Floating Hydraulic Excavators
The floating hydraulic excavator can be assembled using a number of (coupling) pontoons, with or without spud poles, on which a standard hydraulic excavator will be positioned. The advantage of this combination is that the excavator will also be available for land-based dry earthmoving activities. The disadvantages are that stability would only be provided when a sufficiently large pontoon has been used and that the spud poles cannot absorb any horizontal forces.
Another formation of the floating hydraulic excavator is the fixed combination of the excavator’s upper structure and a special pontoon carrying the slewing ring. An example of this type of dredger is the Amphidredge, which was developed in The Netherlands in the 1970s. Using specially designed legs, this machine is able to stabilise itself, even when positioned on very soft muddy and silty foundations. This machine can even crawl into or out of the water using its own legs.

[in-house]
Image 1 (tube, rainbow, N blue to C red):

A number of elevator barges are often used to transport the dredged material; they carry it to an easily accessible on-shore location. These barges are then unloaded using a second hydraulic excavator, a land-based machine with a long boom. To transport the dredged material, tipper trucks with a watertight dump body could then be used.
At this point, it is also possible to process the dredged material in a soil treatment plant for environmental purposes.